His 2019 documentary titled “The Iron Five” was a selection to the Black Harvest Film Festival and broadcast on WGN. Rino is currently a member of the Art Faculty in several North Shore communities, teaching film, photography and painting.
Honors for his work include Best Picture for his feature at the Newport Film Festival and the Audience Award at the Wilmette Art Festival for Paintings.
Bill Lindsey, Writer
As an advertising copywriter, Bill Lindsey has crisscrossed the country a number of times in his career. In addition to conceiving, writing and producing national, award-winning campaigns for a number of blue-chip clients (among them Bud Light, Coors Light, McDonald’s, Audi, Suzuki, Westin, et al.), he’s also written for a number of iconic Chicago sports teams: Cubs, White Sox, Bears, Blue Demons and, of course, the Loyola Ramblers. He also penned a six-part television documentary on minor-league baseball, “The Show.” Bill also mentors young creatives: as a teacher at Chicago Portfolio School, a guest speaker at university arts departments (including Loyola and Notre Dame). Bill lives in Evanston with his wife Regan, 5-yr. old daughter Ryan, and twin 3-yr. old boys Caden and Kieran. So, if you see him yawning, it’s not that he’s disinterested – he’s just really, really tired.
Alaric Martin, Narrator
Alaric Martin is a well known post production specialist with a national following editing many award winning TV commercials and documentaries. He has 30 years of experience and has awards from Emmy, Telly and Addy. His documentary pieces have ranged from stories about the famed African American army regiment known as the Buffalo Soldiers to a piece that told the story of America’s greatest stock market crashes back in 1987. While continuing his editorial and producing career, he is also helping to mold future talent in the industry as an adjunct instructor at Flashpoint College.
David Sweet, Panel Moderator
David Sweet has served as a columnist for NBCSports.com, SportsBusiness Journal and The Wall Street Journal. He has also authored two books, “Three Seconds in Munich: The Controversial 1972 Olympic Basketball Final,” and “Lamar Hunt: The Gentle Giant who Revolutionized Professional Sports.”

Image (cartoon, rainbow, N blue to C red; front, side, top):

Gorton Community Center will take and may use photos and videos from this event for its promotional purposes. Your attendance indicates your consent to the above.
Film and Event Refund and Cancellation Policy: There is no refund given for unused film or event tickets.
By purchasing a ticket to an event at Gorton, I acknowledge the contagious nature of COVID-19 and voluntarily assume the risk that my child(ren) and/or I may be exposed to or infected by COVID-19 by attending or participating in a Gorton program, event or activity and that such exposure or infection may result in personal injury, illness, permanent disability, and death. I understand that the risk of becoming exposed to or infected by COVID-19 at Gorton may result from the actions, omissions, or negligence of myself and others, including, but not limited to, Gorton employees, volunteers, and program participants and their families. I voluntarily agree to assume all of the foregoing risks and accept sole responsibility for any injury to my child(ren) or myself (including, but not limited to, personal injury, disability, and death), illness, damage, loss, claim, liability, or expense, of any kind, that I or my child(ren) may experience or incur in connection with my or my child(ren)’s attendance at Gorton or participation in a Gorton program, event or activity (“Claims”). On my behalf, and on behalf of my children, I hereby release, covenant not to sue, discharge, and hold harmless Gorton, its employees, agents, and representatives, of and from the Claims, including all liabilities, claims, actions, damages, costs or expenses of any kind arising out of or relating thereto. I understand and agree that this release includes any Claims based on the actions, omissions, or negligence of Gorton, its employees, agents, and representatives, whether a COVID-19 infection occurs before, during, or after participation in any Gorton program, event or activity.